♫ Cat’s in the Cradle ♫ (Redux)

Our friend Keith posted yesterday about the songs he used to sing to his children when they were little, and a number of the songs he mentioned stood out to me.  A few I have already played or maybe even over-played here, some I haven’t, but this one, “Cat’s in the Cradle”, jumped before my eyes.  It is an old favourite, but seeing it on the post where Keith recounts many, many nights of singing his babies to sleep … the contrast hit me.  Too many … both men and women, fathers and mothers, fail to realize just how short their children’s childhood actually is and they keep saying, “Tomorrow”.  My hat is off to our friend Keith for being home with his babes and singing them to sleep at night.

I have played this one here before, but it was nearly three years ago, back in 2018, so … pretend you’ve forgotten and enjoy the music one more time, okay?


I’ve always liked this song, which was Harry Chapin’s only #1 hit song.

The song’s lyrics began as a poem written by Harry’s wife, Sandra “Sandy” Gaston; the poem itself was inspired by the awkward relationship between her first husband, James Cashmore, and his father, John, a politician who served as Brooklyn borough president. She was also inspired by a country music song she had heard on the radio. Chapin also said the song was about his own relationship with his son, Josh, admitting, “Frankly, this song scares me to death.”

Harry Chapin was a dedicated humanitarian and arguably the most politically and socially active American performer of the 1970s.  He fought to end world hunger; he was a key participant in the creation of the Presidential Commission on World Hunger in 1977.  In 1987, Chapin was posthumously awarded the Congressional Gold Medal for his humanitarian work.  According to his wife, “Harry wasn’t interested in saving money. He always said, ‘Money is for people,’ so he gave it away.”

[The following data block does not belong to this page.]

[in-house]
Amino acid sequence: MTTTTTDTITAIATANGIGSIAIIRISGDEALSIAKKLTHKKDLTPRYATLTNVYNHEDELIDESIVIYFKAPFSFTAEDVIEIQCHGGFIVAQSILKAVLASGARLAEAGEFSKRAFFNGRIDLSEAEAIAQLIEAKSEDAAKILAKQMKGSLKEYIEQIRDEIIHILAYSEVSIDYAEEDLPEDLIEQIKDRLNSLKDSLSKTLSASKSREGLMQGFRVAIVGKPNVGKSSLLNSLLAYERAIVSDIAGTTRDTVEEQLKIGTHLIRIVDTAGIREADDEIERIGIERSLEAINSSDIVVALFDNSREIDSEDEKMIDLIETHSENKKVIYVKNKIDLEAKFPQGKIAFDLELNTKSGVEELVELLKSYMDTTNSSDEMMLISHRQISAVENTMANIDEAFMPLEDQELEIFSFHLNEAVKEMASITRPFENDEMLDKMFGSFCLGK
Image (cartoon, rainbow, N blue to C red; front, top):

Sadly, Chapin’s career was cut short in July 1981 when, at age 39, he was killed in a fiery car crash.  His wife and son Josh carry on his philanthropic legacy through the Harry Chapin Foundation. Chapin is buried in the Huntington Rural Cemetery in Huntington, New York. His epitaph is taken from his 1978 song “I Wonder What Would Happen to This World”:

Oh if a man tried
To take his time on Earth
And prove before he died
What one man’s life could be worth
I wonder what would happen
to this world

Cat’s In The Cradle
Harry Chapin

My child arrived just the other day;
Came to the world in the usually way
But there were planes to catch and bills to pay.
He learned to walk while I was away.
He was talkin’ ‘fore I knew it.
And as he grew he said,
“I’m gonna be like you, Dad.
You know I’m gonna be like you.”

And the cat’s in the cradle and the silver spoon,
Little boy blue and the man in the moon.
“When you comin’ home ?”
“Son, I don’t know when.
We’ll get together then.
You know we’ll have a good time then.”

Well, my son turned ten just the other day.
He said , “Thanks for the ball, Dad. Come on, let’s play.
Could you teach me to throw ?” I said, “Not today.
I got a lot to do.” He said, “That’s okay.”
And he walked away and he smiled and he said,
“You know,
I’m gonna be like him, yeah.
You know I’m gonna be like him.”

And the cat’s in the cradle and the silver spoon,
Little boy blue and the man in the moon.
“When you comin’ home ?”
“Son, I don’t know when.
We’ll get together then.
You know we’ll have a good time then.”

Well, he came from college just the other day,
So much like a man I just had to say,
“I’m proud of you. Could you sit for a while ?”